Columnist Petula Dvorak's son moves into his college dorm. (Petula Dvorak/The Washington Post)
5 min

I could still see the flashing green light of the GPS tracker peeking out from under the car’s back seat. So I stood on my tiptoes, trying to see if it would be visible to someone 6 feet tall.

Not really. Perfect.

The GPS tracking app was loaded on my phone and we were ready to shove off, an eight-hour caravan north to install my firstborn, curly-haired, hockey-playing, computer-building freshman into his college dorm.

How did I get here? Covid.

Just eight years earlier on the last week of summer vacation, I gave my kids the trip of a lifetime (at that point in their lives): a 495-foot walk to the corner store on Capitol Hill, ALONE. They were 7 and 10 years old and I was risking arrest by letting them go.

Why I let my kids walk to the corner store — and why other parents should, too

In 2014, moms like me were making the news all over the nation when America decided to criminalize childhood independence. Mothers in Florida and South Carolina were locked up because their kids, 7 and 9, were playing at their neighborhood parks alone. In December of that year, Silver Spring mom Danielle Meitiv was investigated for child neglect when her kids — 6 and 10 — were found walking home from a park. And the nation called her “free-range mom” and picked apart her parenting.

It messed with the heads of all Gen X parents as we wondered — what happened to us?

We’re the ones who grew up wearing house key necklaces so we could walk home from school, let ourselves in and play until our parents got home.

I walked myself to the bus stop in kindergarten and pedaled my bike more than a mile on grocery runs for my mom when I was 8. My dad left me and another kid in the car when we were 4 while he visited my mom at the coffee shop where she was a waitress. We ate his Marlboro Reds. But no one abducted us.

The nation grappled with something that was unwritten into law and changed generation to generation — when can children be alone? It’s 6 years old in Kansas, 8 in Maryland and 14 in Illinois. Thirty-nine states have no specific age on the books and play it case by case.

As the boys grew up, we tried to keep remembering the lessons that independence taught us. They both knew the D.C. Metro cold by middle school, they could organize their own meals, get themselves to practices and appointments. And then, it all screeched to a stop and they were jailed in their bedrooms, chained to their computer screens. Thanks, covid.

This summer, at 15 and 18, the independence growth curve began soaring again with the requested graduation present — a no-parent trip to New York City.

“Are you serious?” a worried friend who hasn’t spent much time in New York asked. “Aren’t you afraid someone will hurt them?”

I laughed. “The biggest danger they face is each other,” I replied.

And sure enough, by Day 2 they knew the subway, found a great comic book store in the East Village and began texting me furiously, complaining about who was taking up too much space on the bed in the economy hotel, who hogged the desk and how they blew their budget on a restaurant big brother insisted on, but little brother didn’t really like.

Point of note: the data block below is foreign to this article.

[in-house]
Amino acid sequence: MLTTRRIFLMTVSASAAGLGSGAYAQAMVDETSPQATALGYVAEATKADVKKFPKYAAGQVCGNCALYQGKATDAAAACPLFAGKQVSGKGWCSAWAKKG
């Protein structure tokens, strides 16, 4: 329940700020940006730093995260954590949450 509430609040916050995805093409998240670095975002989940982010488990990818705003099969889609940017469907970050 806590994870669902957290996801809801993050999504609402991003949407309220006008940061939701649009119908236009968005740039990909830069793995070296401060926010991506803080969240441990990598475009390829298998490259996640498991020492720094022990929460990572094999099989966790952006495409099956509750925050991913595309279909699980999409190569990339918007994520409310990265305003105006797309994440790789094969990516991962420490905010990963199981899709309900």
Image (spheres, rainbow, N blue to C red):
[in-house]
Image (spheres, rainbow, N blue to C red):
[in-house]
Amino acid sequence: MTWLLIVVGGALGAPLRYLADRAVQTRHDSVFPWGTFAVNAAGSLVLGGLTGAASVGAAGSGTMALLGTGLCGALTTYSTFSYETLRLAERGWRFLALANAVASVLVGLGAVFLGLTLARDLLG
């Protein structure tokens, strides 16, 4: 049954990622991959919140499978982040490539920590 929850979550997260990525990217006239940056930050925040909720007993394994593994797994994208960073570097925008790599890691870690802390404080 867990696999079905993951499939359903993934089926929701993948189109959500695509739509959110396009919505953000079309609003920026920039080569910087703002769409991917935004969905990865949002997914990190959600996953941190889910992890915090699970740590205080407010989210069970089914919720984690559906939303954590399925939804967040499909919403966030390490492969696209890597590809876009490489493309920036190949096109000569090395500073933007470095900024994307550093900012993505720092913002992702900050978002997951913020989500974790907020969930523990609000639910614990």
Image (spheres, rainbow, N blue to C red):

“So eat cheaply tomorrow,” I replied. (Okay, I did track their location through debit card spending history, but tried to keep it cool.)

Despite the brotherly bickering, both said it was the best part of their summer.

Then came another big test. This one was for me and my husband: college.

The college class of 2026 is another cohort tweaked, stunted and fried by the pandemic. Students like my son spent a third or even half of their high school careers in their bedrooms, online, parents the next room over. Those huge leaps of independence, the milestones to maturity that come with surviving high school were largely missing. Now colleges are welcoming students who may be 18 in calendar years, but are socially and emotionally 15 or 16, trapped in the pandemic amber of sophomore year.

The mid-pandemic return to school has been weird for kids — and lonely, too

So that’s how I ended up sticking a magnetized GPS tracker under the seat of my son’s car, still worried that all the early lessons on independence weren’t enough, that those covid years stunted him, withered that once-flourishing independence. What happened to me?

We caravanned up to Massachusetts and I cried in bursts for much of the drive, especially when we passed minivans encrusted with bike racks full of little, brightly colored bikes. How did it go so quickly? The GPS tracker’s icon on my phone’s home screen mocked me. I was a free-range fraud.

“Mom, he’s not dying,” his younger brother said.

Move-in day was a spectacle — flags and banners flying, peer mentors bounding up to help freshmen unload trunks and lamps and duffel bags, music was booming in the quad and the dorms. As he carried his magnum opus into the dorm — a water-cooled, custom PC he saved up for and built himself — an upperclassman who recognized the grandeur said: “Whoa, cool PC! What graphics card do you have in there?” He was so happy and proud, breaking out of the pandemic chrysalis that almost devoured him, he found his people.

This is everything we wanted, everything we hoped for as parents. He did it.

“Let’s go to your car for a sec,” I told him, before the big goodbye. I opened the back door, reached under the seat and unstuck the blinking GPS. I handed it to him.

“Mom,” my son said. “Really?”

I exhaled through round 48 of soppy, snotty tears. “I’m sorry,” I told him. “This is just so hard.”

He turned the tracker off and pocketed it. “Thank you,” he said. “But I’ll be fine.”